Libraries read between the lines

Public libraries need to shed their moth-eaten image to attract a younger crowd, says Anne Konopelski

Step into many public and academic libraries, and you could be forgiven for wanting to step right back out again. More often than not, banks of computer terminals and shabby furniture vie for space in dingy interiors with row upon row of book-laden metal racking.

But a recent crop of library development projects looks set to repair the sector’s battered image. Last week, Hampshire County Council (HCC) unveiled plans to convert ten of its libraries to new-concept Discovery Centres, as part of a wholesale refurbishment of the county’s sites (DW 8 July).

Designed by HCC’s in-house architectural team, the centres will still have traditional library services at their core, but they will also boast cafés, meeting and relaxation rooms, updated information technology and, in some cases, exhibition and events areas.

University College London’s (UCL’s) special collections library has also been earmarked for a makeover. In 2008, it will move to a nine-storey new-build museum and exhibition space called the Panopticon, designed by architect Dixon Jones (DW 24 June).

Its book-lined reading room, which will occupy a third of the Panopticon’s top floor, will be suffused with daylight from a series of 6m-long roof lights. Glass walls will separate it from adjacent exhibition and activity spaces, lending the floor a feeling of transparency.

This increased interest in libraries’ environments and services is a fairly recent phenomenon, says Chartered Institute of Library and Information Professionals (CILIP) head of policy and governance Guy Daines. ‘The first to [tackle these issues] was the [Alsop Architects-designed] Peckham Library, which started it all when it opened in 2000,’ he says.

He points to public libraries in Bournemouth and Stratford (Newham), and the London School of Economics’ Foster & Partner’s-designed venue as good examples. ‘Suddenly, library design is right at the heart of what we [CILIP] do.’

As far as Daines is concerned, this shift in focus could not have come soon enough. ‘A lot of existing libraries are situated in fairly forbidding Victorian buildings, made even more intimidating because they’ve not had a lick of paint in years,’ he says.

‘These [recent projects] are resulting in exciting buildings. Gone is the municipal look. They’re trying to express the excitement that should be happening inside – particularly in public libraries, which should be fun, inclusive, family-friendly and flexible.’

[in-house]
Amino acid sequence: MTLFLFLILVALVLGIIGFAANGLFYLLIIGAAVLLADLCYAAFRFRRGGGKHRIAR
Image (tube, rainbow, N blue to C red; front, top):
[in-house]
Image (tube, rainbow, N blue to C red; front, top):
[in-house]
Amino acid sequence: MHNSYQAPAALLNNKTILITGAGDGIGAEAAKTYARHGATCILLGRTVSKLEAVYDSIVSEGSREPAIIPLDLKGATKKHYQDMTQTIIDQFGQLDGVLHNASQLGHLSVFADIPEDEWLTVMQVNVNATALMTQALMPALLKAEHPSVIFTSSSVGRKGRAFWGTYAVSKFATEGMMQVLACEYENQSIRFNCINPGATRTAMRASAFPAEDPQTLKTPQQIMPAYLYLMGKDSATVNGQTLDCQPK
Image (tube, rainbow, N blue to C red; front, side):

Generating enthusiasm is at the crux of Hampshire County Council’s Discovery Centres initiative, says HCC head of libraries and information, Richard Ward. ‘We’ve got to continually reinvent ourselves to make sure that customers find our services attractive,’ he explains.

The Discovery Centres are largely a response to HCC’s market research, which revealed that the region’s libraries no longer carry much weight with its 24- to 54-year-old demographic, he adds.

‘They’re not using library services like they used to. They want to see services collated in one place. They want to be able to buy a cup of coffee, surf the Internet, borrow DVDs and get tourist advice. Yes, books need to remain at the centre of the library service, but it now needs to be about much more than that.’

Ward says the push for multi-use libraries is just the latest in a string of challenges that libraries have faced since the 1950s. ‘In the 1950s and 1960s, when library usage was at its highest, people had two black-and-white TV channels; but by the early 1970s, colour TVs were more affordable; VCRs were in development; there was the resurgence of cinema; and the [advent] of retail as recreation.’

Ward claims that if libraries are to survive, they must ‘go with the flow of society’. This is fighting talk, but will the Discovery Centres really differ much from the familiar library template?

The short answer is, yes. Apart from being one-stop shops, and open longer hours, their interiors will be a far cry from the much-maligned ‘municipal’ aesthetic. The council is going for a ‘light and bright and new environment’, according to HCC Architects architectural team leader Alec Gillies. ‘They’ll be very open, transparent and flexible, with movable shelves and an open-plan layout,’ he says.

‘Open’ is also the watchword for UCL’s forthcoming special collections library, according to the college’s senior sub-librarian, Janet Percival. ‘We have a wide range of material that nobody knows is here. This [project] is all about attracting people and showing them what we’ve got,’ she says.

Dixon Jones architect, Nicholas Pawlik, says that other libraries could benefit by adopting this approach: ‘Libraries are dogged by a stigma of being terribly serious places. They’re viewed as places of boredom. It would only help to make them areas of discovery and interest. Having [different] amenities next to each other is valuable.’

CILIP’s Daines sees a pleasing symmetry in our modern-day interest in well-appointed, multipurpose libraries. ‘Libraries, as we recognise them now, started out in the 1840s as extensions of museums,’ he says. ‘This emphasis on co-locality, to adopt a Government term, and creating a service that’s greater than the sum of its parts is like saying, “They had something good, those Victorians.”‘

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